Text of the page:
New Haven streets may soon see the benefits of cutting-edge, crime-fighting technology — $374,120 worth.
Members of the aldermanic Public Safety Committee on Wednesday night approved a grant from the U.S. Department of Justice for the installation of a ShotSpotter gunshot-detection system in the city. The system, which pinpoints the source of a gunshot using sound sensors, will help officers from the New Haven Police Department respond to gunfire more quickly and accurately, Chief Administrative Officer Robert Smuts ’01 said.
The Public Safety Committee retroactively approved applications for this grant and three others — all sponsored by the federal government — in the hopes of obtaining new technology to increase NHPD effectiveness.
The ShotSpotter program will allow police to pinpoint the source of a gunshot from a distance of one to 1.5 miles away, using sound sensors installed throughout New Haven neighborhoods. The sensors are able to distinguish gunshots from other loud noises, such as the sound of a jackhammer or a car backfiring. But, the funding provided by the grant will only allow the city to purchase a ShotSpotter setup for a 1.5-square-mile area. Smuts said city officials will choose the area for installation based on reported gunshot data — the neighborhood with the highest number of reported gunshots per year will receive the ShotSpotter system.
The receipt of the gunshot-detection grant is “a pretty sure thing,” Smuts said. The grant has already been earmarked for New Haven, he said, and will allow NHPD officers to more effectively utilize their time by investigating only real gunshots and not other sounds mistakenly called in by residents.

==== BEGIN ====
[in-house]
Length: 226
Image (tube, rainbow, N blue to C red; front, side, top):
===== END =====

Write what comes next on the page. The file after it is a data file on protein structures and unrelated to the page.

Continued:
Currently, Smuts said, only 57 percent of gunshots reported by residents are discovered by police to be actual gunshots. The other 43 percent of reported gunshots — 237 complaints per year — are found to be unsubstantiated, he said.
ShotSpotter Senior Vice President Gregg Rowland said at the meeting last night that the number of documented gunshots will immediately spike once the ShotSpotter sensors are installed. This jump, he said, will only reflect the increased ability to detect gunshots, not an actual increase in gun activity.
Directly after installing the ShotSpotter system, ShotSpotter representatives partnered with NHPD officials will perform test fires in the targeted neighborhoods to ensure that the ShotSpotter technology is working. The company will also perform occasional tests on each of the gunshot sensors, although “if a sensor isn’t working, your community gunfire will take care of that,” Rowland said to the members of the Public Safety Committee.
Ward 12 Alderman Gerald Antunes, visibly perturbed, interrupted after Rowland’s comment.
“I don’t think we should leave it up to our community to test out your technology,” Antunes said.
Rowland then apologized for his “flippant” comment.
In addition to the grant aimed at purchasing a ShotSpotter system for the city, the Public Safety Committee approved applications for three other federal policing grants, although these grants are extremely “competitive,” Smuts said, and it is not guaranteed that the city will receive them. Among these is a grant for $141,795 from the U.S. Department of Justice’s Edward Byrne Memorial Competitive Grant Program, which will provide for technology to increase communication between NHPD officers and community blockwatch members.
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